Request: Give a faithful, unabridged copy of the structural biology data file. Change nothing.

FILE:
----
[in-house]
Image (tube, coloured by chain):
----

[in-house]
Image (tube, coloured by chain):